This guest post by the DefenceSynergia (DS) RN Editorial Team looks at the history of cuts, compromise and decline experienced by the RN in recent times and hopes for better strategy and policy to inform the 2015 Strategic Defence and Security Review (SDSR).
Lack of warship orders and the Government’s ‘lassiez faire’ attitude is damaging the industrial base that the navy will need in the long term. This is clear to see in the likely consolidation of all Royal Navy warship construction on a single site.More
The 2010 defence review required the Royal Navy to reduce its personnel numbers from 36,000 down to around 31,000. The salaries, benefits and pensions for serving and former RN personnel amount to a significant cost, making naval budget manpower cuts an attractive naval option for the Treasury. After 3 waves of redundancies, the RN was down to 30,310 trained personnel by April this year. More
Nuclear submarines: the key UK defence asset
The submarine force is the arguably most important of the RN’s assets. Not only do the 4 Vanguard class subs (SSBNs) carry the UK nuclear deterrent but the attack submarine force (SSNs) are the only vessels able to launch the Tomahawk land attack missile. Of all the problems facing the RN at present, the recent rapid decline in SSN numbers is the area for greatest concern.More
This year marks the 350th anniversary of the Royal Marines – the Royal Navy’s soldiers, an elite fighting force with a proud history of successful operations almost continuously around the globe.More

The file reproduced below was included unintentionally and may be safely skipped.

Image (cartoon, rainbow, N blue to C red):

A recent rise in tension between Spain and Britain over Gibraltar is a cause for concern, although the dispute is very unlikely to escalate into a military conflict. Spain and the UK are both part of the EU and NATO and anyone with a grain of common sense can see that it is in both countries interest to remain firm allies.
The seas and ports around our coast are vital to our economy and require policing for our safety and to ensure international law, treaties and agreements are upheld. With 17,820 Km of coastline and the world’s 5th largest Exclusive Economic Zone, one of the UK’s greatest natural resources and environmental responsibilities, is the sea. While high-profile controversies about aircraft carriers are important, the RN’s less glamorous but key role in UK maritime protection should not be forgotten.
On 30th September the Royal Navy announced the 1,020 personnel to be made redundant in the first ‘tranche’ of 5,000 redundancies that the government has forced on the RN. At least 350 of those leaving will have been thrown out against their will as here have not been enough volunteers for redundancy.More